Sunday, November 25, 2018

Tonight's Movie: Teresa (1951) - A Warner Archive DVD Review

This seems to be the weekend for Warner Archive releases with one-name titles! I followed up last night's Lana Turner film DIANE (1956) with TERESA (1951), starring Pier Angeli.

The films have more in common than one-word titles: Angeli, the star of TERESA, was the twin sister of Marisa Pavan, who played Catherine de Medici in DIANE. Additionally, both films are about women who give strength and encouragement to men who are dealing with emotional struggles.

In a story told mostly in flashback, Philip Cass (John Ericson) meets young Teresa (Angeli) while he's serving in Italy during World War II. They marry, but after a blissful honeymoon are separated when Philip is sent stateside.

Teresa eventually receives her boat ticket to join her husband in New York, where challenges await: The insecure Philip -- who had emotional issues during his service -- suffers from both PTSD and "mommy" issues and has trouble finding a job which will allow the couple to move out of his family's apartment.

The need for a fresh start becomes critical as Teresa realizes the depth of Philip's unhealthy relationship with his mother (Patricia Collinge) -- and gets the news she's expecting a baby.

As one might expect with that description, the film is fairly somber; Philip is a frustrating character in that he rejects needed help which would allow him to try to move forward. (Look for Rod Steiger, effective in a small role as a VA psychiatrist.)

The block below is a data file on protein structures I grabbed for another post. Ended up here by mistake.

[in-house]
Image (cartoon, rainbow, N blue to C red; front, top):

The film is worth seeing as long as Angeli is onscreen; she's incandescent, and her character is believably wise beyond her years as she navigates first marriage and then dealing with life -- and a possessive mother-in-law -- in a new country.

Though much of the film is rather dreary, between the storyline and the settings -- a village filled with rubble, a run-down tenement -- there are individual moments of great beauty. The wedding on a windswept hill at the ruins of a bombed-out church is quite memorable, especially given realistic little touches such as one of Philip's friends snapping a photo at the altar. (As it happens, Philip is so frightened to tell his mother he's a married man that she only finds out thanks to this photo!) The sequence where war brides disembark from their ship and have their names called out one by one, as they reunite with their husbands, is also particularly well-done and interesting.

It's not a cheery film, but after 102 minutes it ends on a hopeful note, and all in all the film is worth seeing for the 18-year-old Angeli and some effective staging by director Fred Zinnemann. The movie was filmed in black and white by William Miller.

The supporting cast including Richard Bishop, Peggy Ann Garner, Edward Binns, Bill Mauldin, and Ralph Meeker.

The Warner Archive DVD print is noticeably scratched in some scenes, but there are no skips and the soundtrack is solid. The DVD includes the trailer.

Thanks to the Warner Archive for providing a review copy of this DVD. Warner Archive releases are MOD (manufactured on demand) and may be ordered from the Warner Archive Collection at the WBShop or from any online retailers where DVDs and Blu-rays are sold.


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